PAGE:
September 8, 2017
from the United States District Court for the Western
District of Wisconsin. No. 14-cv-193-wmc - William M. Conley,
Manion, Kanne, and Hamilton, Circuit Judges.
Corporation purchased the assets of two bioaugmentation
companies from Marilyn and Malcolm Peacock. The Asset
Purchase Agreement included the sale of equipment at the
Peacocks' Beloit, Wisconsin plant. Betco asked Malcolm to
remain at the Beloit plant after the sale as president.
Eventually, Betco discovered that the Beloit plant was
delivering defective products to customers. It filed this
suit against the Peacocks and their holding companies for
fraud, negligent misrepresentation, breach of contract, and
breach of the duty of good faith and fair dealing.
two rounds of summary judgment and a bench trial, the
district court dismissed the entirety of Betco's suit.
Betco appeals the dismissal of its breach of contract and
breach of the duty of good faith and fair dealing claims. We
Peacock was the founder of Bio-Systems Corporation and
Enviro-Zyme International, LLC (together, Bio-Systems). The
companies produced biodegradation products that contained
bacteria designed to break down various forms of waste.
Malcolm developed a "wet-batch" process at
Bio-Systems's Beloit plant to produce the bacteria.
Customers requested, and often required, certificates of
analysis documenting the bacteria level in the product at the
time of sale. So Bio-Systems counted the bacteria in a
product before sale using a spiral plater and
2010, Betco Corporation purchased Bio-Systems's assets
from Malcolm and Marilyn Peacock and their holding companies,
B. Holdings, Inc. and E. Holdings, LLC, (together, the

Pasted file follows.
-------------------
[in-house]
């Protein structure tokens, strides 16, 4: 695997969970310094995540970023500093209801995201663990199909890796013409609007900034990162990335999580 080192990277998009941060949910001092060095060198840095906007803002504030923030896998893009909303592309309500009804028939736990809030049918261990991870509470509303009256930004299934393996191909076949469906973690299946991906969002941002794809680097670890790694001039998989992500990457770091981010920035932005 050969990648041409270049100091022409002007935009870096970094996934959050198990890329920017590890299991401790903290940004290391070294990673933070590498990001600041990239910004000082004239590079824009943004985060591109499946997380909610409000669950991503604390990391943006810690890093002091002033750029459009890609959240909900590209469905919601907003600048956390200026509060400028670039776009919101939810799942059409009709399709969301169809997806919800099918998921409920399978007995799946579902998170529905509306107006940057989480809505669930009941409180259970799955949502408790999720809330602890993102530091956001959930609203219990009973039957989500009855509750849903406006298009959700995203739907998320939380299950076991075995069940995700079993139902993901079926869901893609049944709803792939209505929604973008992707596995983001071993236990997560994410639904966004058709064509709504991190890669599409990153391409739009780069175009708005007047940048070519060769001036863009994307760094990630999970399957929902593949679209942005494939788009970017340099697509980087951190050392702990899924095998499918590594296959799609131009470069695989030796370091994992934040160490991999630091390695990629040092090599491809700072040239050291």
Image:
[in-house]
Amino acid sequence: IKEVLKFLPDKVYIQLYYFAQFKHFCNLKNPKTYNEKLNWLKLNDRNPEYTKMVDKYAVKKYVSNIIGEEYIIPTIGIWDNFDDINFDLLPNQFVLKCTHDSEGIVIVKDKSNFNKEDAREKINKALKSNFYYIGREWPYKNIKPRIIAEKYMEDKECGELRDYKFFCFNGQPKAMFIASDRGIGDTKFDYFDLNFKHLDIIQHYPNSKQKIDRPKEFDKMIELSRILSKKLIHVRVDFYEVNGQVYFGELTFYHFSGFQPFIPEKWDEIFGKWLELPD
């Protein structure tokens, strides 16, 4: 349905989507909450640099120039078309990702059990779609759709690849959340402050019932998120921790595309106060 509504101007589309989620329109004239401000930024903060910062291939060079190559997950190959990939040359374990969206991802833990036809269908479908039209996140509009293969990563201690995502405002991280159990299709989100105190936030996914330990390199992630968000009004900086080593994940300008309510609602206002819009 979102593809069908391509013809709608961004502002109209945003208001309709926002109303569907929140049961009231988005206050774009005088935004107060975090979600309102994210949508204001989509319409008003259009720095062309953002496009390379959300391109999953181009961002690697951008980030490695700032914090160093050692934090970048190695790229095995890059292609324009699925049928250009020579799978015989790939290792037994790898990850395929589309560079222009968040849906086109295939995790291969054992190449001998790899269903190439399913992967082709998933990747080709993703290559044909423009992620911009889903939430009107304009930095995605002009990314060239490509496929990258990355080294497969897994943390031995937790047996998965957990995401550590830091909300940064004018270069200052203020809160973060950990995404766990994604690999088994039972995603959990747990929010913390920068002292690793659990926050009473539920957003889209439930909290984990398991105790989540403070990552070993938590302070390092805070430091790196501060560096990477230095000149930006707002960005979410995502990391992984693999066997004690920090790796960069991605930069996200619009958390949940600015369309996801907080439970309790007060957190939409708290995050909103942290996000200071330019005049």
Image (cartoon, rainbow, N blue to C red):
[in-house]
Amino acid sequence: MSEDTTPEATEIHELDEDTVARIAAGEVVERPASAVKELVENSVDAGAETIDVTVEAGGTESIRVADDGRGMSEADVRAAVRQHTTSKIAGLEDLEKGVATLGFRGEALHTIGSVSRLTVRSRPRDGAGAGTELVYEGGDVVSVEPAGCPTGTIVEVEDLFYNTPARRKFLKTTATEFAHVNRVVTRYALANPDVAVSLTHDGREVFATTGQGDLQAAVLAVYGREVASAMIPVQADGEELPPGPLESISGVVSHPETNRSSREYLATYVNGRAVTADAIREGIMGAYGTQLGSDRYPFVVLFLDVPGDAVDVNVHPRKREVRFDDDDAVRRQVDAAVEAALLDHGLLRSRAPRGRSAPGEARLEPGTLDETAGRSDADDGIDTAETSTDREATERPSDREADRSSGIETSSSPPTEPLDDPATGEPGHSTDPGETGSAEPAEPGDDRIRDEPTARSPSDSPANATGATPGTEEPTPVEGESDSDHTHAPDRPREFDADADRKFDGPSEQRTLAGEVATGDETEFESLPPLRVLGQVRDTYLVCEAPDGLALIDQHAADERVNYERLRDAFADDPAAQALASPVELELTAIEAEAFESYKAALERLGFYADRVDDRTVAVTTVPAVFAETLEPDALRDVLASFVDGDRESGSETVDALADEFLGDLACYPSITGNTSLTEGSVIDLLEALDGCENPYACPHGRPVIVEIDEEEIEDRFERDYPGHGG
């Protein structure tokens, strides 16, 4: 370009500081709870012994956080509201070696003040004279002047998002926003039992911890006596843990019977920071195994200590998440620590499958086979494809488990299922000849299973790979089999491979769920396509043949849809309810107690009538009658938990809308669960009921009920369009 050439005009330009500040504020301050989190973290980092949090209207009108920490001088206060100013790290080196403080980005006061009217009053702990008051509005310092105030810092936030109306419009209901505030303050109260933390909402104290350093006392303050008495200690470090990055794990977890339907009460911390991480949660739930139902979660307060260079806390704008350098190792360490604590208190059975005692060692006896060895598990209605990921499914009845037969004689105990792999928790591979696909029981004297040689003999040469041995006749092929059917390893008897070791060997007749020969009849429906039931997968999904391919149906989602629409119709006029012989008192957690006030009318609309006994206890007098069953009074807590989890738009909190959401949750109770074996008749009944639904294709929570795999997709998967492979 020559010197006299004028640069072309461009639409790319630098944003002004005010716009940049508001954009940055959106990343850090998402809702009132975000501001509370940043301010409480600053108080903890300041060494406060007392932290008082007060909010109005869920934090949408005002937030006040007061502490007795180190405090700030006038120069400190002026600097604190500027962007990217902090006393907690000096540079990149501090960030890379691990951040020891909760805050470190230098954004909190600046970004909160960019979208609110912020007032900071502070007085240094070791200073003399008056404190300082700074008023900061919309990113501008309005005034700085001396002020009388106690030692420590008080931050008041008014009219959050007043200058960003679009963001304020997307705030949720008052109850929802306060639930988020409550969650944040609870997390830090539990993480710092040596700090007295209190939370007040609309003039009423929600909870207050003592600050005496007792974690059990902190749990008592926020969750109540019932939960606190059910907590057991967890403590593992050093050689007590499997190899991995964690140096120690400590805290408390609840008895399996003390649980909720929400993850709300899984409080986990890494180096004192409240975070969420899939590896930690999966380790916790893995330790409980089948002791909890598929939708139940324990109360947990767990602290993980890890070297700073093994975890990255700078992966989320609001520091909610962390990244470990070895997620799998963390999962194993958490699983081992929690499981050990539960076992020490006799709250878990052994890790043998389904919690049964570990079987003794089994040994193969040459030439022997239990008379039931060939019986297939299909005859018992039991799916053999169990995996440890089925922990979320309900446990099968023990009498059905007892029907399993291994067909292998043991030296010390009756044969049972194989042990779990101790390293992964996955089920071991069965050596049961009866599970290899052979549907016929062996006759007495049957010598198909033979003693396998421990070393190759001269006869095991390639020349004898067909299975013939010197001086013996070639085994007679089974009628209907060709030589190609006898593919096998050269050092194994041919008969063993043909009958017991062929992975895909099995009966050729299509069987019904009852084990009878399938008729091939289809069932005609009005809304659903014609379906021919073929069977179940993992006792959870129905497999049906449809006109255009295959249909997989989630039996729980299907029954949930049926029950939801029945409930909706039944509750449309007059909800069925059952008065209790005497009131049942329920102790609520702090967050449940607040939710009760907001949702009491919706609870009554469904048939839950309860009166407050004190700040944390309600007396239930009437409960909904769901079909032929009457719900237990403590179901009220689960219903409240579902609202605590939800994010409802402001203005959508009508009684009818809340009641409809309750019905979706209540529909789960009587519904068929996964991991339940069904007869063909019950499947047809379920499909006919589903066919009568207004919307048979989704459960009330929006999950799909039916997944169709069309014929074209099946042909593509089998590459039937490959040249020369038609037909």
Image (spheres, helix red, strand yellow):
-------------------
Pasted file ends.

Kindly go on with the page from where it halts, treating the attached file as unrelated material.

Peacocks). Before closing, Betco visited Bio-Systems's
sites, spoke with Bio-Systems's personnel, and examined
Bio-Systems's financial information. At closing, Betco
paid the Peacocks $5 million and placed $500, 000 in escrow.
The Asset Purchase Agreement ("the Agreement")
required Betco to pay out the $500, 000 two years after
closing if it did not identify any problems in that time that
required using the escrow funds to fix.
closing, Betco asked Malcolm to continue to run the Beloit
plant just as he had before the sale but now as president of
Betco's newly-formed Bio-Systems of Ohio
("Bio-Ohio"). Betco instructed Malcolm to focus on
sales and profits. Later, Betco identified problems with the
products being shipped from the Beloit plant. First, though
Betco knew before closing that the bacteria yields were
inconsistent at the Beloit plant, it learned within a year of
closing that some products were being shipped to customers
with below-specification bacteria counts. A few months later,
Betco nonetheless paid out the escrow funds early in exchange
for a 12% discount. Second, after paying out the escrow,
Betco discovered that certificates of analysis were being
re-used or falsified by the sales team.
unclear to what extent Malcolm concealed the issues from
Betco. According to some former employees, Malcolm was not
receptive when employees questioned Bio-Ohio's methods.
Further, one employee testified that Malcolm instructed him
to not speak directly with Betco personnel. But other
employees testified that Malcolm never discouraged them from
communicating with Betco after the sale. In fact, Malcolm
himself suggested that Betco's Vice President of Research
and Development visit the Beloit plant for a week to learn
more about Bio-Ohio. The vice president said that he was
busy, so he only made a number of short visits.
April 2012, Betco sued the Peacocks in federal district court
in Ohio for fraud, negligent misrepresentation, breach of
contract, and breach of the duty of good faith and fair
dealing. The case was transferred to Wisconsin.
the court first dismissed Betco's negligent
misrepresentation and breach of contract claims against the
Peacocks, finding both claims were time-barred by Section
10.05 of the Agreement. The court later dismissed Betco's
fraud claim against the Peacocks and its breach of the duty
of good faith claim against all the defendants except
Malcolm. After a bench trial, the court ruled in
Malcolm's favor on the duty of good faith claim. The
court found that Betco failed to prove ...